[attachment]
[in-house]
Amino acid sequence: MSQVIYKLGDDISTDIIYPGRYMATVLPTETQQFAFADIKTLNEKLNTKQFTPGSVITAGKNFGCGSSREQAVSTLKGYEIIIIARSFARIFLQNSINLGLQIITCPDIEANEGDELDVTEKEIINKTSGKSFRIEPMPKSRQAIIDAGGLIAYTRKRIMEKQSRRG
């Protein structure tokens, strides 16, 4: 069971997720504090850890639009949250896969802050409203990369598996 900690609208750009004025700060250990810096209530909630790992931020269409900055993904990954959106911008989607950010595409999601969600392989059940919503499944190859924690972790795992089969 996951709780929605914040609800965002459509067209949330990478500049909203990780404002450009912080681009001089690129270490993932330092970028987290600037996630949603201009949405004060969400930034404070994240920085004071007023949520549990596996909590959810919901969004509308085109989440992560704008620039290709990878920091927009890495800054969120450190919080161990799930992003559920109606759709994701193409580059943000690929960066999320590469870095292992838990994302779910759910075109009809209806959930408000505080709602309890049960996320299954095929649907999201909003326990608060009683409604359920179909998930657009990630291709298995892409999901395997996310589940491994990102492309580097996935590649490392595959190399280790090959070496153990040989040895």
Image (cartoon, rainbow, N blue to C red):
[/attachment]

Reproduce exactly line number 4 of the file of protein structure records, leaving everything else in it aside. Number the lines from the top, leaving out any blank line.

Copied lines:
Image (cartoon, rainbow, N blue to C red):